If the snide gossip queens had taken the time and effort to speak to Seldon before declaring war, they could have saved everyone a whole lot of unnecessary drama. All that this situation has done is seal their fates as gossip mongers and tarnish their reputation.
#4 Replace criticism with praise. Another way to be less critical of those around you is to try your level best to replace criticism with praise, or at least try to tone down the brutal truth. There’s no need for you to hurt anyone’s feelings and to bring them down.
Instead of saying, “That dress has too many sequins, and it makes you look like a disco ball”, you should say, “Wow, you’re certainly shining bright like a diamond tonight! I’m glad I won’t lose you on the dance floor.” It states the facts without being mean, so you don’t have to worry about lying to those you care about just to make them feel better.
#5 Be more positive. Another way to be less critical is to instill positivity in yourself. Before saying something, ask yourself what your statement will do to this person. If it will bring them down, don’t say it, but if it will lift them up, then go for it.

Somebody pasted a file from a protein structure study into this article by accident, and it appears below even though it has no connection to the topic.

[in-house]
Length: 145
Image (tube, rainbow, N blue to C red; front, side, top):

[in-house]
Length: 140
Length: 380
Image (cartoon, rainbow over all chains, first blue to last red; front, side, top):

It is a fact that when you’re happy, you tend to have less nasty things to say about others. The fact that you’re feeling great about yourself will make you feel more inclined to pass on the good vibes through compliments and affirmative statements. Always opt to lift people up instead of tearing them down. [Read: How to banish negativity with positive self-talk]
#6 Know the difference between criticism and advice. It is also very important for you to know the difference between being critical and offering advice to those you care about. Being critical is when you inundate someone with all the negatives, without offering them help. Advice, on the other hand, is the same thing, but you make the additional effort to positively support and help the person make things right.